Ahmet Ertegun didn’t invent soul music, but he was present at the birth, as a midwife. And he remained one of the biggest fans and supporters of R&B and its offshoots his whole life. Fittingly, the music mogul, who died last night at 83, spent his last healthy day at a Rolling Stones concert. (On that October day, he suffered a head injury in a fall backstage and had been hospitalized ever since.) The founder of Atlantic Records, Ertegun was instrumental in the careers of the Stones and countless other musicians. The label he founded in 1947 was home, at various times, to acts as diverse as the Stones, John Coltrane, Otis Redding, Eric Clapton, Bette Midler, Led Zeppelin, Roberta Flack, Genesis, Sonny & Cher, Bobby Darin, the Drifters, Wilson Pickett, LaVern Baker, Solomon Burke, and Crosby, Stills, Nash, & Young. He helped make Aretha Franklin a star as the Queen of Soul when she moved to his label after she failed to break big with more decorous, less edgy music at Columbia.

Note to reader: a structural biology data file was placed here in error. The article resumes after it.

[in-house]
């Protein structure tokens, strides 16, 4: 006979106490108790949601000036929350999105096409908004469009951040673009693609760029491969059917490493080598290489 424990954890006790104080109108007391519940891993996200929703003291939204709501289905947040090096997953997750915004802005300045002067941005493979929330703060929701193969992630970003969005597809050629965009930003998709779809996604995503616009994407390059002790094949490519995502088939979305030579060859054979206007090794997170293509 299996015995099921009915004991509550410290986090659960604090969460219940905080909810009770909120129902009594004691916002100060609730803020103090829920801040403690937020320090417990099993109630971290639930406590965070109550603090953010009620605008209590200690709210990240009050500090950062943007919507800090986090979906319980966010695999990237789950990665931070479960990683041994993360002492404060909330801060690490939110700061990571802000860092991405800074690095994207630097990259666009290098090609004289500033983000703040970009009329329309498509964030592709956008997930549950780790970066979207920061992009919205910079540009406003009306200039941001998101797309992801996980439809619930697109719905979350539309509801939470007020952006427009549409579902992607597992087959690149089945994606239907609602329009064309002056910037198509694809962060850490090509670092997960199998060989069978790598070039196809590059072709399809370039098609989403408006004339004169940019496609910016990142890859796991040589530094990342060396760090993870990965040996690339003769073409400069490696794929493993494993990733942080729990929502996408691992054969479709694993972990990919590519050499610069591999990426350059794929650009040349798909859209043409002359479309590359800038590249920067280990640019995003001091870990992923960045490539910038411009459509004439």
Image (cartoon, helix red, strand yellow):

Most important, he helped launch modern R&B, first by signing the late great Ruth Brown, and then by shepherding the early career of Ray Charles (a process depicted in the movie Ray, where Curtis Armstrong played Ertegun). Four decades later, Ertegun would help found the Rock and Roll Hall of Fame (whose museum in Cleveland bears his name), but really, he was himself the Hall of Fame, the institutional memory of the music since its birth.